Who Was Really Responsible?

So who was really responsible for all this carnage? Was it God, who struck the Egyptians, or was it the various Egyptian decision-makers, who kept on begging to be further afflicted long past the point that any rational people would have humbled themselves and conceded?

Three points to consider:
  • There is no indication of any upper age limit to God’s judgment. A firstborn remains a firstborn whether he is a month old or an octogenarian. God gave plenty of warning to the Egyptians. Any firstborn above the age of responsibility who stayed in Egypt and subjected him- or herself to God’s judgment made an informed decision and chose to take the risk.
  • Throughout history, the welfare of children has always depended on the choices made by their parents. This is either nature’s way of motivating parents to take their responsibilities seriously, or it is God’s. You decide. Jesus escaped Herod because his father Joseph believed the angel’s warning and took him to Egypt. Samuel judged Israel because his mother gave him to God. Over 37 million babies worldwide die annually because their mothers choose to abort them. In this case, each firstborn Egyptian child had a parent or parents who made their choices for them and thereby settled their fate. We may not like it, but it’s not a unique feature of this particular situation.
  • Pharaoh hardened his heart. This is stated three separate times. God certainly hardened it too, but Pharaoh and his servants definitely possessed agency in this matter. They were not merely passive recipients of God’s wrath. And just as the choices of parents impact the welfare of their children, so the choices of rulers inevitably impact their people for better or worse. This too is simply reality.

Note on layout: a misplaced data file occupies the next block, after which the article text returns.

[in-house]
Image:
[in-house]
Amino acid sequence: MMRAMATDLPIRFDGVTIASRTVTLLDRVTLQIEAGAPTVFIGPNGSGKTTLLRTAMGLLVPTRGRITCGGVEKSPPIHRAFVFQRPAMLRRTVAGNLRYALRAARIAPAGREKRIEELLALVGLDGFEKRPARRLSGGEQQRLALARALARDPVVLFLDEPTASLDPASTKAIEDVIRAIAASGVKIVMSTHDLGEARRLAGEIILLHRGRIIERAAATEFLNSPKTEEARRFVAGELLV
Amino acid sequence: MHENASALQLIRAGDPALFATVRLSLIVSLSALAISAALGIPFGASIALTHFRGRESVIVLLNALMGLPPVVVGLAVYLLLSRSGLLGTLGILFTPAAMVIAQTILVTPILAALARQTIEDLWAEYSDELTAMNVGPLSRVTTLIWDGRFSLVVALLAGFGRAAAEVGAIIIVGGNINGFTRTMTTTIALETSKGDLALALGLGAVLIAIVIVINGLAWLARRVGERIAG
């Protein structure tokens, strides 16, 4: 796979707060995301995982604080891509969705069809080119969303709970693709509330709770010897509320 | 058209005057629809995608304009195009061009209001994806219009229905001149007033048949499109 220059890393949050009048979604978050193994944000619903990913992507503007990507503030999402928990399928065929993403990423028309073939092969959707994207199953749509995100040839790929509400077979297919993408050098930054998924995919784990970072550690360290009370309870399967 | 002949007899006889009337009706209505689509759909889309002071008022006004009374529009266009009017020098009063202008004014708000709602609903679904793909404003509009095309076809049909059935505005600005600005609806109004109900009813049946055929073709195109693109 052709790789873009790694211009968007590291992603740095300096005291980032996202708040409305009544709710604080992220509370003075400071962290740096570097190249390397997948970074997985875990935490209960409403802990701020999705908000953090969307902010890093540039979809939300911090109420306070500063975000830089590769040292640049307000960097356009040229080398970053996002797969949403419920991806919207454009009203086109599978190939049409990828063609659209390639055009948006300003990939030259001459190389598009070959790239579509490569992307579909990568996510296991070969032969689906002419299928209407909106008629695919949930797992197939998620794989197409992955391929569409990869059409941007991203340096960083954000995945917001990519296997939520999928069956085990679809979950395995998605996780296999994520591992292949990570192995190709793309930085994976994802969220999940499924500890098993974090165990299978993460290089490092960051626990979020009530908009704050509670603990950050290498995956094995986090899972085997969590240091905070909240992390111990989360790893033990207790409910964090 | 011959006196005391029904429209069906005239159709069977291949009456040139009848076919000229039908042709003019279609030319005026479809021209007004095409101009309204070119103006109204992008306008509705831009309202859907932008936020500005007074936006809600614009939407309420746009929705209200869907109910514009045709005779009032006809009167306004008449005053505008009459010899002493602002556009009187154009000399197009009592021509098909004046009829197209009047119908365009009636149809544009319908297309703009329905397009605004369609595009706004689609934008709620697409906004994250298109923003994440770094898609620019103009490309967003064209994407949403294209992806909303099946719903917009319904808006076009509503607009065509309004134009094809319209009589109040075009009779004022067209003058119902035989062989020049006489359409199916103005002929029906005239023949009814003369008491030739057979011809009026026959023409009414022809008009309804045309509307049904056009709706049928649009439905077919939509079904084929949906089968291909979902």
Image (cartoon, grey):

In Summary
  1. God had determined to undo a great wrong: the enslavement of his people. We would all agree that is a good and even necessary goal. Many would argue freedom is worth dying or killing for. But history shows us this state is rarely achieved or maintained without significant cost in human lives.
  2. The Egyptian people chose to pit themselves against God, despite multiple warnings of what would follow, and repeated evidence that God was fully capable of carrying out whatever he promised.
  3. When someone knowingly opts to run face-first into a buzzsaw, do we blame the buzzsaw?


  1. You have provided an excellent, thorough, and wide ranging analysis of this scenario. In a sense I came to a similar answer (except for the detail) since I would not pose this type of question without also having thought of a potential answer. I thought that one could distill this answer as, given (or admitting to the possibility) that God exists then one would have to accept the attributes ascribed to him. Therefore any one of his decisions is to be accepted with complete faith and trust in perpetuity. The only caveat being that we must be able to deduce that it truly is a decision originating with him. And that is where the Bible and our conscience comes in as a guide.

  2. I like the bit about "complete faith and trust in perpetuity". That says it well.